Sepsis patients face an increased risk of suffering a heart attack or stroke after leaving hospital, according to a study.
The week after being discharged is the most dangerous but they are at greater risk than the general population and others leaving hospital for an entire month, researchers found.
Sepsis triggers the immune system to cause inflammation in the body, which can rupture fatty deposits in arteries and block them, causing a stroke or heart attack.
The study looked at 42,300 sepsis patients, of whom 830 had a stroke and 185 had a heart attack within 180 days of discharge from hospital. In total, 51 % of heart attacks and strokes happened within 35 days of leaving the hospital.
The study found the sepsis patients were 15 % more likely than the general population and 16 % more likely than other hospital patients to have a stroke or heart attack in the month after discharge.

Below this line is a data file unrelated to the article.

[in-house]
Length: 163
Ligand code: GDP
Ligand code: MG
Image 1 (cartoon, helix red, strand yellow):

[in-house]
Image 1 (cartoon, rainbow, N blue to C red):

The Daily Mail has been campaigning to raise awareness of sepsis, called the ‘silent killer’ because it is difficult to diagnose until it has spread through the body. It is the leading cause of avoidable deaths in Britain, killing at least 44,000 people every year.
The study, led by Dr Chien-Chang Lee from the National Taiwan University Hospital, was published in the Canadian Medical Research Journal.
Dr Ron Daniels, of the UK Sepsis Trust, said: ‘Approximately 40 % of survivors of sepsis have one or more of physical, cognitive or psychological after-effects.
‘These important data show that these complications of sepsis placed sufferers at greater risk of heart attack and stroke than the general population and, whilst the effect when compared with people admitted to hospital for other conditions is not so marked, it remains significant.’